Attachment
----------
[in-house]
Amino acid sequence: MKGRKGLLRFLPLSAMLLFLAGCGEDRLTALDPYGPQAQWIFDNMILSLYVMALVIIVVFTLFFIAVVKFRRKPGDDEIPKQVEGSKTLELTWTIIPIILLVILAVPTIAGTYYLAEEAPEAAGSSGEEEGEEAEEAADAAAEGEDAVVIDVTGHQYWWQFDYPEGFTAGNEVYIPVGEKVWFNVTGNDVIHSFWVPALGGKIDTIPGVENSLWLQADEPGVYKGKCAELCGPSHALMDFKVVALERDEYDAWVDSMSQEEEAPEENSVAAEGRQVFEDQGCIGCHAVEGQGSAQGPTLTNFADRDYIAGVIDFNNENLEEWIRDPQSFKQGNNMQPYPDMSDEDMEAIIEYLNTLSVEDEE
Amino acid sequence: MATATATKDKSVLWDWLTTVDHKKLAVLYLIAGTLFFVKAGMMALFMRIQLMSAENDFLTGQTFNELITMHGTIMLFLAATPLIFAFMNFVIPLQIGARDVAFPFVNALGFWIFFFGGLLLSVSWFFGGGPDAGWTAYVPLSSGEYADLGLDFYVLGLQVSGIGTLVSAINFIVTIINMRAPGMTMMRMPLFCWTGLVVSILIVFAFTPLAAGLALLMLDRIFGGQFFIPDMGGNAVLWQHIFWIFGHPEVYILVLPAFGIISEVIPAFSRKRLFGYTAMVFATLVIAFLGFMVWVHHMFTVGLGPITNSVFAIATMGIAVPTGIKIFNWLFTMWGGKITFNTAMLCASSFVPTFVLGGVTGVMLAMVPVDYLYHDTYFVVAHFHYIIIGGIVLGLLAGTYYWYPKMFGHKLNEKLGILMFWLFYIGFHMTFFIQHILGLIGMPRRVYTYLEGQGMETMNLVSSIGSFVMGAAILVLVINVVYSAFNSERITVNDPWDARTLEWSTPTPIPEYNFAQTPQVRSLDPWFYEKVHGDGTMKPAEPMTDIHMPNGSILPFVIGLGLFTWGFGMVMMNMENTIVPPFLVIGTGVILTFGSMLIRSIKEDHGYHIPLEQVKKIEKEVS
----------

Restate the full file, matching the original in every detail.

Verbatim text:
[in-house]
Amino acid sequence: MKGRKGLLRFLPLSAMLLFLAGCGEDRLTALDPYGPQAQWIFDNMILSLYVMALVIIVVFTLFFIAVVKFRRKPGDDEIPKQVEGSKTLELTWTIIPIILLVILAVPTIAGTYYLAEEAPEAAGSSGEEEGEEAEEAADAAAEGEDAVVIDVTGHQYWWQFDYPEGFTAGNEVYIPVGEKVWFNVTGNDVIHSFWVPALGGKIDTIPGVENSLWLQADEPGVYKGKCAELCGPSHALMDFKVVALERDEYDAWVDSMSQEEEAPEENSVAAEGRQVFEDQGCIGCHAVEGQGSAQGPTLTNFADRDYIAGVIDFNNENLEEWIRDPQSFKQGNNMQPYPDMSDEDMEAIIEYLNTLSVEDEE
Amino acid sequence: MATATATKDKSVLWDWLTTVDHKKLAVLYLIAGTLFFVKAGMMALFMRIQLMSAENDFLTGQTFNELITMHGTIMLFLAATPLIFAFMNFVIPLQIGARDVAFPFVNALGFWIFFFGGLLLSVSWFFGGGPDAGWTAYVPLSSGEYADLGLDFYVLGLQVSGIGTLVSAINFIVTIINMRAPGMTMMRMPLFCWTGLVVSILIVFAFTPLAAGLALLMLDRIFGGQFFIPDMGGNAVLWQHIFWIFGHPEVYILVLPAFGIISEVIPAFSRKRLFGYTAMVFATLVIAFLGFMVWVHHMFTVGLGPITNSVFAIATMGIAVPTGIKIFNWLFTMWGGKITFNTAMLCASSFVPTFVLGGVTGVMLAMVPVDYLYHDTYFVVAHFHYIIIGGIVLGLLAGTYYWYPKMFGHKLNEKLGILMFWLFYIGFHMTFFIQHILGLIGMPRRVYTYLEGQGMETMNLVSSIGSFVMGAAILVLVINVVYSAFNSERITVNDPWDARTLEWSTPTPIPEYNFAQTPQVRSLDPWFYEKVHGDGTMKPAEPMTDIHMPNGSILPFVIGLGLFTWGFGMVMMNMENTIVPPFLVIGTGVILTFGSMLIRSIKEDHGYHIPLEQVKKIEKEVS